Subsequently, the light management system 30 carries the Raman light-matter interaction signal or reflected light R out of the organism while minimizing interference by utilizing filters 16. After the reflected light R is combined, stabilized, and distributed evenly in the light stabilizing interface 10, the light processing unit 80 separates the stabilized light S into constituents or wavelengths wherein the constituents correlate with energy-levels of the Raman light-matter interactions. The computing unit 180 then records the frequency of occurrence of the light-matter interactions at multiple energy-levels to generating a Raman spectrum. Next, the acquired Raman spectra is inspected for features attributable to the drug introduction into the organism 40. And lastly, from these results drug interaction can be inferred.
As another example, assume a new treatment is devised to combat breast cancer tumors and that the treatment is a pharmacological agent administered intravenously to the patient. A clinical study may be organized on patients with inoperable breast cancer tumors. The tumor sizes of the patients may be measured during the study and success gauged on the treatment's effectiveness in shrinking tumors. The present invention can be used to monitor the drug's interaction with the tumor at the biochemical level. It is possible due to the unexpectedly high performance of the method and system for stabilizing reflected light.
For example, high metabolic activity correlates with growth rate. Biochemicals such as metabolites within the tumor are associated with tumor expansion. The light management system of the present invention, tipped with a needle, can assess not only the metabolites but also the drug uptake and even search for unknown, unexpected chemical interactions. The needle can be inserted into the tumors with minimal invasion. Again, the present invention can provide significant benefits beyond the drug development utility. With breast malignant tumors, as with other cancers, some tumors respond favorably to some treatments; and, there are many treatments available to the physician. There is currently not an effective method to match a tumor to treatment.
However, the method and system for stabilizing reflected light can map the biochemical aspects of a specific tumor in a specific patient to treatment types historically successful on tumors with correlating biochemical aspects. Such a treatment may entail a cocktail of chemicals, surgery, radiation, diet, therapy, and other interventions.
The present invention provides an exemplary method of mapping the biochemical parameters of disease. This exemplary method includes recording informative Raman spectra from within a living organism. To produce the Raman spectra, monochromatic light M is initially carried into with the light management system 30. Reflected light R is then carried out of the living organism with the light management system 30 The reflected light R is combined, stabilized, and distributed evenly with the light stabilizing interface 10. Next, the stabilized light S is separated into wavelengths in the light processing unit 80. Later, the computing unit 120 generates a Raman spectra of the illuminated part of the organism.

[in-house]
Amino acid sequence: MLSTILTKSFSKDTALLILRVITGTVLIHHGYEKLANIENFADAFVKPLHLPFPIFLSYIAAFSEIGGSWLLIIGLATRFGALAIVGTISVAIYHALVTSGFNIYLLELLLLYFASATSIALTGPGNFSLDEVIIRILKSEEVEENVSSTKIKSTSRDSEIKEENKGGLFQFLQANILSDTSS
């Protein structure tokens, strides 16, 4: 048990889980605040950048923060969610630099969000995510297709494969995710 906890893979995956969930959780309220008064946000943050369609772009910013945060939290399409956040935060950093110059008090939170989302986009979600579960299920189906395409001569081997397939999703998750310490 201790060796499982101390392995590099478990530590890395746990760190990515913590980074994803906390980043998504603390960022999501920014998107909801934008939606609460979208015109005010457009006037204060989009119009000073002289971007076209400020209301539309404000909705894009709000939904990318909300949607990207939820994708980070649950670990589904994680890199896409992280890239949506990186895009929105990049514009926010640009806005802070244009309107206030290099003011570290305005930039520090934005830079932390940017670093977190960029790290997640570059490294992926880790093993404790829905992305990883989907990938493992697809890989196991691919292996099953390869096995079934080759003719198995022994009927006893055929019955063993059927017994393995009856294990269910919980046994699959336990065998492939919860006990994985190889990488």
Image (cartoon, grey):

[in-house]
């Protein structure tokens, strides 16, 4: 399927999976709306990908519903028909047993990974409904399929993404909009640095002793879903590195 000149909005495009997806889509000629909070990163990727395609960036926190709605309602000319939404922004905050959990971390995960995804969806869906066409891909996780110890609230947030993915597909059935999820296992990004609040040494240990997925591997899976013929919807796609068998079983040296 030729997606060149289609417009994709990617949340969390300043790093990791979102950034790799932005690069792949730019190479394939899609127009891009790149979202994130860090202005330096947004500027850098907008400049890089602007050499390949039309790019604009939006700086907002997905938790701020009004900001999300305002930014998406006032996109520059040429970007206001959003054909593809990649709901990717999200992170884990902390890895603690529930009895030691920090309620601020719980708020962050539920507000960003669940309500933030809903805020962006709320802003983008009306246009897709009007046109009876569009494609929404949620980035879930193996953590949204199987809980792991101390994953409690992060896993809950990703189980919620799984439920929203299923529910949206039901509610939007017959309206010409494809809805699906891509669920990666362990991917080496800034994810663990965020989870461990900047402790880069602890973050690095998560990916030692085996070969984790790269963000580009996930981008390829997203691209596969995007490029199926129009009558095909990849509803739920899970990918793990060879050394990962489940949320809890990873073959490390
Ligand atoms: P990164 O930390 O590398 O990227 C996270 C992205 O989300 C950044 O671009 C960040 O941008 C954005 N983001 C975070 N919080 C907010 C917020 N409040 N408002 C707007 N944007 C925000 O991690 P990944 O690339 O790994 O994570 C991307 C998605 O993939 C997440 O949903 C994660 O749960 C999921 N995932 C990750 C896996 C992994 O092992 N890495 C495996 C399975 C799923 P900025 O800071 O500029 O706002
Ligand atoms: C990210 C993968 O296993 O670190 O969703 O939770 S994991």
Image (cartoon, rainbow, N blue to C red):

Subsequently, the disease state can be evaluated by conventional means such as X-rays, MRIs, etc. Then, the Raman spectra can be correlated with the disease state. In a further aspect, the Raman spectra can be correlated with Raman signatures of known chemical standards.
Monitoring Eye Disorders
As another example, consider treatments for disorders of the eye such as cataracts, scleritis, uveitis, vascular retinopathy, macular degeneration, retinitis pigmentosa, glaucoma, optic neuritis, and optic atrophy. Many eye disorders progress slowly, even over many years or decades. A potential pharmacological treatment might be deemed effective if it could be administered in the early phases of disorder onset and slow or halt disease progression. Factors hindering the assessment of a candidate treatment's effectiveness include the slow progress of many eye disorders, the negative aspects of extracting biopsy's from critical eye tissue, and the subjective nature of evaluating disease progression. Thus, a study of treatment efficacy might take many decades using current methodology and tools. However, the present invention has the ability to detect the biochemical basis of the disease to provide immediate, quantitative feedback. For example, cataracts are developmental or degenerative opacities of the lens. The extent of disease progression can be quantified with the light management system 30 when it is tipped with a means to project test signals into and record measurement signals out of a lens. Since opacity results from chemical changes within the material of the lens, treatment efficacy can be gauged rapidly. In this manner, the inventive method and system can provide a closed loop feedback to the drug development process. The effectiveness of treatment candidate materials such as antioxidants, catalase, superoxide dismutase, vitamin E, aminoguanidine can be readily assessed.
Monitoring Time Release of Ingested Drugs